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achievement, Carol Dweck, Effort, Health, Kids Health, Mindset, motivation, Nurtureshock, Praise, Trophy | Categories:
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Wednesday, September 11th, 2013
On September 11, 2001, I didn’t learn about the tragic events in New York until slightly past noon. My wife and I had spent the morning hanging out with our daughter – who was 20 months old – and we didn’t have the TV or radio on. It was a perfect September morning, and we had been going about our morning non-routine of playing outside, coming inside, going back outside, having a snack, and just enjoying the day. When her babysitter came, we rushed out for work, and put on the car radio. What we heard was surreal – confused commentary about bombings and buildings collapsing and death tolls and mayhem. I thought at first it was some type of science fiction radio, as this was a rock station (WBRU in Providence) that was popular with college students. After a few minutes the events started to sink in, which I confirmed by listening to the New York AM news radio stations for first-person reports.
It’s true that 9/11 changed everyone’s lives, and children’s lives as well. We felt it especially when we traveled – both in terms of the practical changes that evolved with security and the reverberations you felt taking a child on an airplane. We felt it when we spent time in New York – we had worked in New York/New Jersey and had moved from the area in 2000 and though we went about our city routine 9/11 would still come to mind. We felt it when we all saw “Ground Zero” in 2011 – particularly the view of workers there late at night and early in the morning, viewable from our room at the downtown W Hotel.
But what now stands out is the 9/11 was just the start of a series of reminders that my daughter’s generation is growing up with the reality 0f unimagined violence and risk – often in places that we think are safe. Last December, she watched – with us – as we learned about the Newtown shootings. Again we had some personal and geographical connection. I grew up in Bridgeport, which isn’t far from Newtown. My brother lived nearby the principal who was slain trying to stop the gunman. Compared to Bridgeport, and the schools I went to, Sandy Hook Elementary School was one of those “safe” schools where you imagined nothing bad could happen. Now it’s a reminder that there are no inherently “safe” schools – and it stands now as an extraordinary example of how grief, courage, resilience, and remembrance permeate communities who have experienced horrific violence.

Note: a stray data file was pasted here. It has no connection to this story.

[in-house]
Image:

But that wasn’t the end of violence for my daughter’s generation. About four months after the Newtown tragedy, her day off from school – on Patriots Day in Massachusetts – turned into a nearly weeklong mixture of sadness and shock. I was driving home from the gym when I received an email from Michael Kress – my editor here at Parents.com – asking if I might write about the Boston Marathon explosions. It was almost routine when I got home, flipped on the TV, and sat with my family staring at an evolving story of violence and death – and pulled myself away long enough to write about how parents will need to control the amount of information their kids would be exposed to on TV and the internet given the reality of graphic footage. But there was more. We learned on the following Friday morning that one of the suspects had attended college in our town (University of Massachusetts, Dartmouth), that UMass Dartmouth was in lockdown, and that our daughter’s school was also in lockdown. When we picked her up at school, we went home, and watched a massive manhunt unfold – one which finally resulted in the capture of the suspect.